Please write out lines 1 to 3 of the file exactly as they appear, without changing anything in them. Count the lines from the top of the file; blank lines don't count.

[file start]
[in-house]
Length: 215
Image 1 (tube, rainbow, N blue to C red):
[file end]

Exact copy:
[in-house]
Length: 215
Image 1 (tube, rainbow, N blue to C red):